Article Text

Oral health and impact on performance of athletes participating in the London 2012 Olympic Games: a cross-sectional study
  1. I Needleman1,
  2. P Ashley2,
  3. A Petrie3,
  4. F Fortune4,
  5. W Turner4,
  6. J Jones4,
  7. J Niggli4,
  8. L Engebretsen5,6,7,
  9. R Budgett7,
  10. N Donos1,
  11. T Clough8,
  12. S Porter9
  1. 1Unit of Periodontology and International Centre for Evidence-Based Oral Health, UCL Eastman Dental Institute, London, UK
  2. 2Unit of Paediatric Dentistry, UCL Eastman Dental Institute, London, UK
  3. 3Unit of Biostatistics, UCL Eastman Dental Institute, London, UK
  4. 4QMUL, London, UK
  5. 5Department of Sports Medicine, Oslo Sports Trauma Research Center, Norwegian School of Sports Science, Oslo, Norway
  6. 6Orthopaedic Center, Ullevål University Hospital, University of Oslo, Oslo, Norway
  7. 7International Olympic Committee Medical Commission, Lausanne, Switzerland
  8. 8Dental Practice, Chelmsford, UK
  9. 9Unit of Oral Medicine, UCL Eastman Dental Institute, London, UK
  1. Correspondence to Professor I Needleman, Unit of Periodontology and International Centre for Evidence-Based Oral Health, UCL Eastman Dental Institute, 256 Gray's Inn Road, London WC1X 8LD, UK; i.needleman{at}


Background Oral health is important both for well-being and successful elite sporting performance. Reports from Olympic Games have found significant treatment needs; however, few studies have examined oral health directly. The aim of this study was to evaluate oral health, the determinants of oral health and the effect of oral health on well-being, training and performance of athletes participating in the London 2012 Games.

Methods Cross-sectional study at the dental clinic within the Polyclinic in the athletes’ village. Following informed consent, a standardised history, clinical examination and brief questionnaire were conducted.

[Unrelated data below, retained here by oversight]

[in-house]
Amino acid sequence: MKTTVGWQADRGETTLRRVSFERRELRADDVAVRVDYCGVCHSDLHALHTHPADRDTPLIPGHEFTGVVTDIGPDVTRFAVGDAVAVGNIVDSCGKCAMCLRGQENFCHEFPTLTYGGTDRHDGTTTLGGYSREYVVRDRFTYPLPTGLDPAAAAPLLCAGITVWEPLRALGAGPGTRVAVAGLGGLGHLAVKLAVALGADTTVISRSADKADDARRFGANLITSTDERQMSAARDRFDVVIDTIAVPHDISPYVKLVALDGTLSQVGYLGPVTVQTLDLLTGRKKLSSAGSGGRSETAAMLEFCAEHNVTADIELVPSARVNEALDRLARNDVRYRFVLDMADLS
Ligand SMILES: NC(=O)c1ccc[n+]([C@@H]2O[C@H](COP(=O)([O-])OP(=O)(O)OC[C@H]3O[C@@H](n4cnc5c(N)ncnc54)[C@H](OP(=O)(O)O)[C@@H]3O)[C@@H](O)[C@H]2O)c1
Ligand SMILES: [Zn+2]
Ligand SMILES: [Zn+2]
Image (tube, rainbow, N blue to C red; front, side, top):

Results 302 athletes from 25 sports were recruited with data available for 278. The majority of athletes were from Africa, the Americas and Europe. Overall, the results demonstrated high levels of poor oral health including dental caries (55% athletes), dental erosion (45% athletes) and periodontal disease (gingivitis 76% athletes, periodontitis 15% athletes). More than 40% of athletes were ‘bothered’ by their oral health with 28% reporting an impact on quality of life and 18% on training and performance. Nearly half of the participants had not undergone a dental examination or hygiene care in the previous year.

Conclusions The oral health of athletes attending the dental clinic of the London 2012 Games was poor with a resulting substantial negative impact on well-being, training and performance. As oral health is an important element of overall health and well-being, health promotion and disease prevention interventions are urgently required to optimise athletic performance.

  • Elite Performance
  • Dentistry
  • Epidemiology
  • Olympics

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